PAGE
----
Petersburg and the Crater, Virginia

Steven Dutch, Professor Emeritus, Natural and Applied Sciences, University of Wisconsin - Green Bay

Visitor Center

After emerging from the Battle of the Wilderness in May, 1864, Grant headed south. As historians had noted, it was not a defeat simply because Grant refused to ackowledge it as one. Grant kept sidestepping to the left but the Confederates kept pace with him. They sidestepped past Richmond, then both sides realized that the rail junction at Petersburg held the key to cutting Richmond off. The seige of Petersburg wasn't a classic seige where the objective was isolated, but rather a period of prolonged trench warfare that lasted until Lee withdrew in March, 1865. Eventually the Confederate defenses were stretched too thin.

Camp Life

Above: a small-scale representation of field fortifications. Below: Artillery posts.
Above: Mortars

Left: Camp Gear

Below: a re-enactor demonstrates rifle drills.

Around the Battlefield

There was something grimly humorous about seeing these guys foraging on a 150-year-old battlefield.
Left: Once Grant began his side-stepping, the Civil War developed into a rehearsal for World War I. The map at left shows the trench systems. The red ring at top is the onfederate defenses of Richmond, and Petersburg is at the black marker near the bottom.

Red is traditionally used on military maps for the enemy, and sorry, CSA fans, but that's how it was. (After the Soviet Union broke up, US exercises shifted to orange to avoid any implication that we were specifically targeting Russia.)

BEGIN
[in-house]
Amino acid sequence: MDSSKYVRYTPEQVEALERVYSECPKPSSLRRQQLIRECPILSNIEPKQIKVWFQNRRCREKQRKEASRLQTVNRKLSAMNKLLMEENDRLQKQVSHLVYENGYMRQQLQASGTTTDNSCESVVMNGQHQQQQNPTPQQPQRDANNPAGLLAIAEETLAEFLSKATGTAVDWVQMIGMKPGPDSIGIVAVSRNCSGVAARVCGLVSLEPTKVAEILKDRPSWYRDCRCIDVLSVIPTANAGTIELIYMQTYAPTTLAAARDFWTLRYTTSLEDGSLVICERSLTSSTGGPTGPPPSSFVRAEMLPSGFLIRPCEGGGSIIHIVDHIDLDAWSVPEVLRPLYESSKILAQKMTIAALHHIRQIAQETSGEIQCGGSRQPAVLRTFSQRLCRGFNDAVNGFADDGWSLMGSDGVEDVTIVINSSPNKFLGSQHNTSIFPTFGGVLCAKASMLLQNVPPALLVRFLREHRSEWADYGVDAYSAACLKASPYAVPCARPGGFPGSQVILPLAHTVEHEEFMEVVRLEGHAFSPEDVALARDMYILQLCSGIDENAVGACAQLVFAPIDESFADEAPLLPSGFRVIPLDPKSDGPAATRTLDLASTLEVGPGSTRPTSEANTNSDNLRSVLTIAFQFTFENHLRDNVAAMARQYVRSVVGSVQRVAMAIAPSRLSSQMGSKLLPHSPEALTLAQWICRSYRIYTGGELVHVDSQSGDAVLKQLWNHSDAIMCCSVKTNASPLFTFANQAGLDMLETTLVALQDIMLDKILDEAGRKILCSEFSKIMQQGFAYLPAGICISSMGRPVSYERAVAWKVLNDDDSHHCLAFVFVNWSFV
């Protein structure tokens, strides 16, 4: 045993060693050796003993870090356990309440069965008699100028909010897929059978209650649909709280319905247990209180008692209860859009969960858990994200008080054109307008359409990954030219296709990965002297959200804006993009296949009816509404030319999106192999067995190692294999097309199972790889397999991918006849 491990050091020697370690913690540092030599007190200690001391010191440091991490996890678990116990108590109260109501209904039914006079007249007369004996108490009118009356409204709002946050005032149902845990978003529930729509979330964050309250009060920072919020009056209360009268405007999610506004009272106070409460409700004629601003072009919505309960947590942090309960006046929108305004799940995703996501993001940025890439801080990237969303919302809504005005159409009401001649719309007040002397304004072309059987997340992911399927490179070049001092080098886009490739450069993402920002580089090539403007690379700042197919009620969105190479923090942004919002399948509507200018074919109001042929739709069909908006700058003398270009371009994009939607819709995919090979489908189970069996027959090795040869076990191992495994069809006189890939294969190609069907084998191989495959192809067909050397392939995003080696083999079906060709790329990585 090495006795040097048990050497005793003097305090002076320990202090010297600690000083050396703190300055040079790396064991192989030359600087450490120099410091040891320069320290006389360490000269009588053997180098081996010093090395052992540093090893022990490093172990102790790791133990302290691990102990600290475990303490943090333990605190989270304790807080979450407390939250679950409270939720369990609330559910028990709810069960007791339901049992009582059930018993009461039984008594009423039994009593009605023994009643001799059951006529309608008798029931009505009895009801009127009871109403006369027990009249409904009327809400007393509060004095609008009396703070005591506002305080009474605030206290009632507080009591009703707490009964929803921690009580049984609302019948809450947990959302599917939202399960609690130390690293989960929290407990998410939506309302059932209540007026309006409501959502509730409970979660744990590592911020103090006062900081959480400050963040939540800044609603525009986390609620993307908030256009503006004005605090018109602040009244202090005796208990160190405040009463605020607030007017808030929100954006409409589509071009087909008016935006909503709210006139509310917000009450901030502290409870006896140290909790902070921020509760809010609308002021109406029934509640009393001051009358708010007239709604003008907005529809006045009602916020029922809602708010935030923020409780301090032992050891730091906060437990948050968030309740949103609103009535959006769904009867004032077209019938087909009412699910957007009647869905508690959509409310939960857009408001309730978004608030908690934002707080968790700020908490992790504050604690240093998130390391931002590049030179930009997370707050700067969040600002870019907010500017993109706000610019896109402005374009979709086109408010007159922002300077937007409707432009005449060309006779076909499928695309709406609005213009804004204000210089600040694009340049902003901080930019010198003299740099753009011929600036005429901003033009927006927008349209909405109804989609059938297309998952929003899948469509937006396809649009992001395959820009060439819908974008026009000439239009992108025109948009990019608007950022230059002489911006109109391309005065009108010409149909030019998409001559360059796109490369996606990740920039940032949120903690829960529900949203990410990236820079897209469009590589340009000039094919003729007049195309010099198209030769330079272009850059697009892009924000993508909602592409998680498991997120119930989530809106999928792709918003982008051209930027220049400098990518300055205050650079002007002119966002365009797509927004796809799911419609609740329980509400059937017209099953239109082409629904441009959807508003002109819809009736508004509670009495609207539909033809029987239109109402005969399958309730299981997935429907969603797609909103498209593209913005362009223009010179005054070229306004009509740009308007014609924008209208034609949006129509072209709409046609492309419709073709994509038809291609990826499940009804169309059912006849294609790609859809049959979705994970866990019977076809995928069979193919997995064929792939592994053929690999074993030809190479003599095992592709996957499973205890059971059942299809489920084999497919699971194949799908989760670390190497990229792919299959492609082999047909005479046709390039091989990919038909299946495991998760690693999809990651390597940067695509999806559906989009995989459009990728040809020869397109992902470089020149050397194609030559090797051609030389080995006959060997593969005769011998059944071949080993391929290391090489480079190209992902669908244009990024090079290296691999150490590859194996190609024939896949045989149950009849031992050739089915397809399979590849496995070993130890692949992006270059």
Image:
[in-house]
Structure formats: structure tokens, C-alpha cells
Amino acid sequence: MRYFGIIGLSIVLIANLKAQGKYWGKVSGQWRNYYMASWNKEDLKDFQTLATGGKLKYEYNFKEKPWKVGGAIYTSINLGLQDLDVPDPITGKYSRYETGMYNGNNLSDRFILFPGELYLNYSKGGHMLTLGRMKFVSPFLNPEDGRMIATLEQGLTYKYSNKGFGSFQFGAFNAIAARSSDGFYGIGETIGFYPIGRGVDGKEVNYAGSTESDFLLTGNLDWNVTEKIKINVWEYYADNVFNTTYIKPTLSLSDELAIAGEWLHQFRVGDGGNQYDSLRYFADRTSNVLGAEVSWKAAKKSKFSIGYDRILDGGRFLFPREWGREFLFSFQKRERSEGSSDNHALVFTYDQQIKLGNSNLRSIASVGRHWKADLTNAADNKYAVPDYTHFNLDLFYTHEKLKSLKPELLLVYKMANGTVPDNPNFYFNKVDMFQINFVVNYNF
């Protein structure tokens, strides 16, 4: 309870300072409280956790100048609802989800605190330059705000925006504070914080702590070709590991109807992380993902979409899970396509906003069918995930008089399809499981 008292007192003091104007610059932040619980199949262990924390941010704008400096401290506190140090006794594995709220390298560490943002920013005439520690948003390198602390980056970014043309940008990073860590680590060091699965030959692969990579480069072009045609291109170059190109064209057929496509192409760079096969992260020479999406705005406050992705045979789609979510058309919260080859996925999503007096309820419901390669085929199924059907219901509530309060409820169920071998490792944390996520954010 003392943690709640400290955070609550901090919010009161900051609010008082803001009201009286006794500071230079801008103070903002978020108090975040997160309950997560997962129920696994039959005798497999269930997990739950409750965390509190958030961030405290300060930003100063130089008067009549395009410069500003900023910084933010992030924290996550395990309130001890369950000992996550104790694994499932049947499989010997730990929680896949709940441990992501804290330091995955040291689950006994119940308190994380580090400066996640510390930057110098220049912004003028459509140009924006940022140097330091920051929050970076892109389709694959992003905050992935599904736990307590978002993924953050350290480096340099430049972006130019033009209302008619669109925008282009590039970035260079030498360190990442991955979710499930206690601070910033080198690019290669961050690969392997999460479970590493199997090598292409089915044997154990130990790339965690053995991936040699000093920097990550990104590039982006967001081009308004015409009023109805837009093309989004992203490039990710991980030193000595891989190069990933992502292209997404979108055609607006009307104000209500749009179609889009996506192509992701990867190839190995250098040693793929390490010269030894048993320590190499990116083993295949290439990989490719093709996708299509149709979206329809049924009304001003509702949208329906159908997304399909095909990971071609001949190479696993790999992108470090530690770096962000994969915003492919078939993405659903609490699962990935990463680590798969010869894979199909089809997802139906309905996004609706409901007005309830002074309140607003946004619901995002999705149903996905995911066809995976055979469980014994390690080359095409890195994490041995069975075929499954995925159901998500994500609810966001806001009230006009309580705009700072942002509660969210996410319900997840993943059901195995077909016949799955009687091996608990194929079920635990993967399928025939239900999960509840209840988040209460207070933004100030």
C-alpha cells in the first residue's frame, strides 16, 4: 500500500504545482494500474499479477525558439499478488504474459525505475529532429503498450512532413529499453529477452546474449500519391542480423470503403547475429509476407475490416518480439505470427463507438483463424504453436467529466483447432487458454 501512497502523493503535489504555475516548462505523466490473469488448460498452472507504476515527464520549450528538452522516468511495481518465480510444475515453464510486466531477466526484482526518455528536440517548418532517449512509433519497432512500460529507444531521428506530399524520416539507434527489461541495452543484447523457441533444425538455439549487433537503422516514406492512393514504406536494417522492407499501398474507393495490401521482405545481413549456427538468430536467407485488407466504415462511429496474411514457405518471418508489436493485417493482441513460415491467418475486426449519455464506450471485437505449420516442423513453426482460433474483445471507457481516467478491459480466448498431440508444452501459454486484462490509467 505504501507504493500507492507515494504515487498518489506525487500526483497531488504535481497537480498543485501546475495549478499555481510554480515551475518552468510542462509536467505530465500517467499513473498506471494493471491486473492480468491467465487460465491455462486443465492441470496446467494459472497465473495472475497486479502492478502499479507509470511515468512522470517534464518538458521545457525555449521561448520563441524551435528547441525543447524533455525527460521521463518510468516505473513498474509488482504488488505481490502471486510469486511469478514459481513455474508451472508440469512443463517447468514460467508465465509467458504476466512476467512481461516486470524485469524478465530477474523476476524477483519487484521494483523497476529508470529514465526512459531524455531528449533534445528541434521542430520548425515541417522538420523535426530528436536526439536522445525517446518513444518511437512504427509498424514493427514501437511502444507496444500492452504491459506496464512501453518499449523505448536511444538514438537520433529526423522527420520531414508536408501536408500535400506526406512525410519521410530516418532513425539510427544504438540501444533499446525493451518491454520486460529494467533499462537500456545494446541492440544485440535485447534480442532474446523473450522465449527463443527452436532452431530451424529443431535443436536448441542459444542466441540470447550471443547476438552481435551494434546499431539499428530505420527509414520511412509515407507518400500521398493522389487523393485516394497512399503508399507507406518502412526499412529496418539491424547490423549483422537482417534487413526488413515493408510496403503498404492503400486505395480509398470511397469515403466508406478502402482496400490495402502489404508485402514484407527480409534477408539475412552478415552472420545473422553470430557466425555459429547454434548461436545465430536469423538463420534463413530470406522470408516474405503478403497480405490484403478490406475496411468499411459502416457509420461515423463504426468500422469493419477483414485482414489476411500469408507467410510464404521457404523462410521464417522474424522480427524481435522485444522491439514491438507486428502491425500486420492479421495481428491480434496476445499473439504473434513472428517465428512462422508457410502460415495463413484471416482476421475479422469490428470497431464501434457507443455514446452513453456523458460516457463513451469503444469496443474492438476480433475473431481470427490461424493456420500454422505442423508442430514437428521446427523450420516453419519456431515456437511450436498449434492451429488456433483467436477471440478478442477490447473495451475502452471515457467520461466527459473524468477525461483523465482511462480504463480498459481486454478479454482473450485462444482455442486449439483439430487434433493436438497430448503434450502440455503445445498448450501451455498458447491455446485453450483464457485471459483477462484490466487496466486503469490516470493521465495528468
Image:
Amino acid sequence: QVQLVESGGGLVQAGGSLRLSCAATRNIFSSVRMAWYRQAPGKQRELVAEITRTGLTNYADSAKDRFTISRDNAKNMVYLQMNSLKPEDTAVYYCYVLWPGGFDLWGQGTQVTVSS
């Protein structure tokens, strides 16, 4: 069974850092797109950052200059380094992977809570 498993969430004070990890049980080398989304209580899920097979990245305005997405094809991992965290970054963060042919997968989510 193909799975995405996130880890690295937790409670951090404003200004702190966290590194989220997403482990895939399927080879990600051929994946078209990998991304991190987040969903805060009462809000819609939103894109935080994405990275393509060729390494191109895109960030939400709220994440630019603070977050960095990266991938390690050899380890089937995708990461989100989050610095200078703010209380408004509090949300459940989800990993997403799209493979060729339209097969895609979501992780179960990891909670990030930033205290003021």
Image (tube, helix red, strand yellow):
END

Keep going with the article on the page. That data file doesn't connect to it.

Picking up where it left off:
A Pennsylvania officer, a mining engineer in civilian life, proposed tunneling under Confederate lines and setting off an explosion. His superiors were skeptical but agreed to the operation, if only as a diversion to keep the troops occupied.

From across the valley, Union officers had a good view of the operation, which was concealed from Confederate observation.
Left and below: the entrance to the tunnel.
Left and below: a vertical shaft on one side of the tunnel provided ventilation. A fire burning in the shaft drew stale air upward while sucking in fresh air. Traces of the shaft are visible.

The Crater

During a much larger mining operation in World War I, a British officer said "We may not change history but we will certainly change geography." The mine here, consisting of four tons of explosives, was set off on July 30, 1864 and worked perfectly, but nobody was prepared to exploit the breach and soldiers milled around aimlesly before being driven back.
Left and below, the crater. It has actually been re-excavated several times. The Confederates filled it in immediately, then it was re-excavated several times in search of human remains.

Instead of bypassing the crater, many soldiers not well versed on the plan thought it made an ideal rifle pit. Which it did until the Confederates counterattacked and the shelter turned into a death trap.
Below: The Confederates suspected that tunneling was going on, and dug counter-tunnels, but were never able to find the Union tunnel. However, the commander of the strong point that was the target took the threat seriously enough to build back-up positions.

Confederate Earthworks


Return to Virtual FieldTrips Index
Return to Historic Sites Index
Return to Professor Dutch's Home Page

Created 22 June 2007, Last Update 04 June 2020